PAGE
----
Personal Injury & Medical Malpractice: What’s the Difference?
We understand that, to some laypeople, all lawsuits look the same. You may ask, “if I was injured during surgery, why wouldn’t I file a personal injury lawsuit?” In fact, there are several key differences between types of lawsuits that will determine the scope, process and possible damages of a case. Today we’re explaining some of the nuances between personal injury and medical malpractice cases.
A personal injury claim is filed when someone’s negligence or recklessness leads to a physical injury. A medical malpractice claim is a special type of personal injury claim that is filed when a healthcare professional harms a patient due to negligence or error.
Personal injury and medical malpractice both fall under civil tort law, which broadly covers the wrongdoing of one individual toward another. For that reason, they share two key components: proof and damages.
Both personal injury and medical malpractice cases place the burden of proof on the plaintiff. You must prove that the defendant’s actions led to direct harm. For example, a surgeon operating on the wrong side of the body is a clear example of a medical error that can lead to a patient getting injured.
In both types of cases, the plaintiff may seek economic and non-economic damages in the form of monetary compensation. Economic damages cover items like treatments and surgeries following the injury, whereas non-economic damages are awarded to offset the plaintiff’s pain and suffering. Generally, the damages awarded in a medical malpractice case are much higher than a personal injury case.
Despite their similarities, there are a few key differences between personal injury and medical malpractice cases. Most notably, medical malpractice cases are more difficult to pursue due to the complexity and resources associated with proving fault against a healthcare provider.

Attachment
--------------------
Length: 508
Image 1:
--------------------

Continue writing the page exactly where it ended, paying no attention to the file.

A typical personal injury case, such as a car crash, is fairly straightforward. The damage is clear and the defendant may admit a certain level of fault, such as texting while driving. In a medical malpractice case, the error may be less apparent and the full extent of the injury may take time to present itself. Medical malpractice cases often delve into the nuances of a patient’s individual medical history, meaning no two are ever the same.
Medical malpractice cases generally involve extensive research and planning in order to be successful. Your attorney may rely on expert witnesses, such as doctors or nurses, in order to understand exactly how your healthcare provider deviated from the standard of care.
As with any tort claim, there are statutes of limitations that determine when you may file a personal injury or medical malpractice lawsuit. Although the exact timing varies from state to state, plaintiffs generally have less time to file a medical malpractice claim than a personal injury claim. In Missouri, the statute of limitations for medical malpractice claims is two years, whereas it is five years for personal injury claims.
Trust Makes the Difference
When filing any lawsuit, you should have full confidence in your attorney’s ability to represent you with skill and experience. At Zevan Davidson Roman, we have chosen to focus our practice so that we can deliver better results for our clients. Schedule a consultation with one of our attorneys to learn more about our distinct approach to personal injury and medical malpractice.
Missouri Medical Malpractice Lawyer
If you have suffered as a result of medical malpractice, contact our legal team right away. Waiting to seek legal representation can prevent you from filing a claim and receiving the compensation you deserve.
Contact Zevan Davidson Roman today.
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